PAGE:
Given the mixed nature of an optimistic outlook, should we try to cultivate optimism—and if so, how?

The simple answer is yes, at least when it comes to dispositional optimism. Whether or not you’re a Half-Fuller by nature, researchers have found that we can strengthen our optimism muscle through mental exercises and habit formation. For example, you might spend five minutes each day imagining your ideal self, or practice healthy coping strategies when you encounter disappointment. By acting in the way that optimists act—and reaping the same rewards—you’re likely to see the glass as half-full more often.

As for positive illusions, we can choose whether or not we subscribe to them. But whether we should reach for our rosy glasses is less clear. Philosopher Lisa Bortolotti suggests that we should aim to pair positive illusions with a sense of agency. She suggests cultivating “illusions of control,” which create thought patterns of positive self-belief (“I can do this!”). Positive illusions alone only enhance our mood and self-esteem in the short-term. But when paired with a belief in our own agency, these illusions lead us to more constructive behavior over the long run.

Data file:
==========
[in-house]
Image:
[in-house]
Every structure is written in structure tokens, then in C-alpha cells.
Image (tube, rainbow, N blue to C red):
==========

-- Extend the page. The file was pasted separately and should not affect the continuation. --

Still curious?

Now we know the benefits of optimism, as well as how to practice it. But optimism has its limits—and that’s where hope comes in. To read more discoveries from the Hope & Optimism Initiative, click here.